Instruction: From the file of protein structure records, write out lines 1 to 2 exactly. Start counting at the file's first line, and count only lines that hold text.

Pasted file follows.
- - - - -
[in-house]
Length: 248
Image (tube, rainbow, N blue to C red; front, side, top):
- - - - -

[in-house]
Length: 248